Santa Anita has plans to resume live racing on May 15
Santa Anita has plans to resume live racing without spectators in mid-May, though local authorities would need to allow it.
In a letter to major stakeholders Wednesday, Santa Anita said on Thursday it would release a condition book, where planned races are open for future entries, and planned to resume racing on May 15, when the safer-at-home order expires. The move comes after Gov. Gavin Newsom’s remarks that he plans to relax restrictions in place because of the COVID-19 virus.
“As businesses throughout the state are preparing to gradually reopen, horse racing is unique as we cannot literally open the doors the moment orders are relaxed,” Aidan Butler, acting executive director of California racing for the Stronach Group, said in a letter to the leaders of the Thoroughbred Owners of California, California Thoroughbred Trainers and Jockey’s Guild. The letter was reviewed by The Times.
“Horsemen need time to plan, which is why the tentative date is being put forth. It would be derelict of us not to give you as much notice as possible with your understanding it is still a contingency plan.”
Santa Anita did not immediately comment on the letter or plans to reopen.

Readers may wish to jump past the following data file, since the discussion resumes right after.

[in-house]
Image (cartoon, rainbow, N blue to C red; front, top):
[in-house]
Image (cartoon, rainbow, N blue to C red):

The track has been closed since March 26, after failing to convince the L.A. County Public Health Department that it was an essential business.
Santa Anita stopped racing horses last month, but hundreds of people still work, and live, in a stable area at the track under the specter of COVID-19.
Santa Anita has argued that there are far more people involved in morning training, which is allowed, than would be needed to conduct live racing. On Tuesday, workers from the track conducted a drive-by protest by the building where the L.A. County Commissioners were located.
Butler’s letter said, “This resumption would be subject to the stringent restrictions which were included in the plan and protocols currently under consideration …”
Santa Anita has even proposed a jockey colony that would be sequestered at the track.
There is a population of around 700 workers that live on the backstretch of the track and have limited access outside the area. There have been no known COVID-19 positives among workers at the track.
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